Starting this Saturday (June 26), a local swim team will begin swimming the 60 kilometres from Jordan River to Colwood, as preparation for crossing the English Channel.
Ultra-marathon swimmer and Special Olympics coach Susan Simmons and her team, the Spirit Orcas, will attempt four staged 15-km swims amid strong currents, cold ocean temperatures and potential encounters with jellyfish and orcas.
This is part of a long-term training regime that will include circling Hornby Island and crossing the Strait of Georgia (2021), the Strait of Juan de Fuca (2022) and eventually the channel between England and France (2023 or 2024). Spirit Orcas will be the first special abilities swim team to cross the English Channel.
The Spirit Orcas team consists of swimmers with developmental disabilities, divided into a long-distance J-Pod and mid-distance K-Pod, who practise twice a week off Willows Beach. Last summer, the team swam eight 10-km lengths from Brentwood Bay to Colwood. Simmons started Spirit Orcas several years ago after some of her athletes expressed interest in longer distance swimming, choosing the name to draw awareness to the local orca populations.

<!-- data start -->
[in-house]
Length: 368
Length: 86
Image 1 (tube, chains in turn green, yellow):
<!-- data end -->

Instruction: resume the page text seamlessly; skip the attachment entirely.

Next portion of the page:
Simmons, who works as a provincial public servant, was diagnosed with multiple sclerosis at 30 and started swimming at 40 to alleviate symptoms with cold water temperatures. Her achievements include doing two laps of Lake Cowichan, swimming from Port Angeles, Wash. to Ogden Point, and making the first known crossing of Haro Strait.
This summer’s swim schedule will depend largely on sea and weather conditions. The first 15-km stretch will go from Jordan River to Muir Creek, with the remaining three segments happening throughout July and reaching Whiffin Spit, Shelter Islands and finally the Colwood waterfront.
“I wanted to keep them busy all summer because, if we don’t have goals, it’s really hard to stay motivated [and] to stay fit,” said Simmons, noting she wanted to give them an exciting challenge that would attract public interest.
“I couldn’t be prouder of this group of athletes that has so many barriers in front of them. They don’t care – they just overcome them. I watch it time and time again where someone feels fearful of swimming in big waves or cold water … and I have nothing but admiration for that. It’s inspiring to watch.”
To track the swims in real-time, visit facebook.com/susan.simmons.775823.
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